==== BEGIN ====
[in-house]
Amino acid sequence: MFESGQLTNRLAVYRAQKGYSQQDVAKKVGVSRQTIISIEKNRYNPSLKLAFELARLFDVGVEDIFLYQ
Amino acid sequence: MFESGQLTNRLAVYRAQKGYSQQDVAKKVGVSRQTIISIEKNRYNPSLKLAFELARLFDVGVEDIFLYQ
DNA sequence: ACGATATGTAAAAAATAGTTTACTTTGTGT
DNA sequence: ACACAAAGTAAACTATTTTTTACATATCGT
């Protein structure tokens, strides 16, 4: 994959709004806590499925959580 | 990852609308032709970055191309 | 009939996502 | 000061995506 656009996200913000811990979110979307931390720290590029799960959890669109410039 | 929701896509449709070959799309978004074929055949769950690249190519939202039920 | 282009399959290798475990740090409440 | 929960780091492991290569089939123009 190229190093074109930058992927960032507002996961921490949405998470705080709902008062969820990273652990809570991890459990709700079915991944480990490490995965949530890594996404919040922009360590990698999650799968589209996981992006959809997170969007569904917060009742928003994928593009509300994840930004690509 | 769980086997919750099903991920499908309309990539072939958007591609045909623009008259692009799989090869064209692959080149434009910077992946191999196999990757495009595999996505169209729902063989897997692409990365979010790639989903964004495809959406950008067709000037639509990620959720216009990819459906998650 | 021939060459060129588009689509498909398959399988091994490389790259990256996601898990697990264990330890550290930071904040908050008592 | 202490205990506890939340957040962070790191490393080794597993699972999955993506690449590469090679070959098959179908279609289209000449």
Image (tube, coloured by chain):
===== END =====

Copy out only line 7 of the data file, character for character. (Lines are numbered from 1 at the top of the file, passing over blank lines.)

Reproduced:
Image (tube, coloured by chain):